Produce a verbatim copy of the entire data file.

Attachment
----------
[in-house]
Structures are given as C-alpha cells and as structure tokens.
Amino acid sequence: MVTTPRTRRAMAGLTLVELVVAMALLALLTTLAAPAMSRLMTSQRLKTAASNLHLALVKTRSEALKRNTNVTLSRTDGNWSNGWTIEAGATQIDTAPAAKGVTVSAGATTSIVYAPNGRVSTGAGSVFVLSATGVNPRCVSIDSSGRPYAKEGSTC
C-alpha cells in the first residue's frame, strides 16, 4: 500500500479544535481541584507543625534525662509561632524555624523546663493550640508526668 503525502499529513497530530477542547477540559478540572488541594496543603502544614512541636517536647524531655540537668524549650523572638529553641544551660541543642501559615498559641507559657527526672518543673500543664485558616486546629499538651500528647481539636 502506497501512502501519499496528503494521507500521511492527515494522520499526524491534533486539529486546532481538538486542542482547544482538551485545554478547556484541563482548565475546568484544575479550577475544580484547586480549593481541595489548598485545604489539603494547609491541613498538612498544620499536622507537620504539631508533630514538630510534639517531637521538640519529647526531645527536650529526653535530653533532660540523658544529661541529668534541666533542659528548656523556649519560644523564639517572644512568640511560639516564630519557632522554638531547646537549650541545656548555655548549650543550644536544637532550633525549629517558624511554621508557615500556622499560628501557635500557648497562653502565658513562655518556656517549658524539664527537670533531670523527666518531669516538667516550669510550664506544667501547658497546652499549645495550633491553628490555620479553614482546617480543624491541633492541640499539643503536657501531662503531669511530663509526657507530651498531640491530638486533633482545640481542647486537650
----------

[in-house]
Structures are given as C-alpha cells and as structure tokens.
Amino acid sequence: MVTTPRTRRAMAGLTLVELVVAMALLALLTTLAAPAMSRLMTSQRLKTAASNLHLALVKTRSEALKRNTNVTLSRTDGNWSNGWTIEAGATQIDTAPAAKGVTVSAGATTSIVYAPNGRVSTGAGSVFVLSATGVNPRCVSIDSSGRPYAKEGSTC
C-alpha cells in the first residue's frame, strides 16, 4: 500500500479544535481541584507543625534525662509561632524555624523546663493550640508526668 503525502499529513497530530477542547477540559478540572488541594496543603502544614512541636517536647524531655540537668524549650523572638529553641544551660541543642501559615498559641507559657527526672518543673500543664485558616486546629499538651500528647481539636 502506497501512502501519499496528503494521507500521511492527515494522520499526524491534533486539529486546532481538538486542542482547544482538551485545554478547556484541563482548565475546568484544575479550577475544580484547586480549593481541595489548598485545604489539603494547609491541613498538612498544620499536622507537620504539631508533630514538630510534639517531637521538640519529647526531645527536650529526653535530653533532660540523658544529661541529668534541666533542659528548656523556649519560644523564639517572644512568640511560639516564630519557632522554638531547646537549650541545656548555655548549650543550644536544637532550633525549629517558624511554621508557615500556622499560628501557635500557648497562653502565658513562655518556656517549658524539664527537670533531670523527666518531669516538667516550669510550664506544667501547658497546652499549645495550633491553628490555620479553614482546617480543624491541633492541640499539643503536657501531662503531669511530663509526657507530651498531640491530638486533633482545640481542647486537650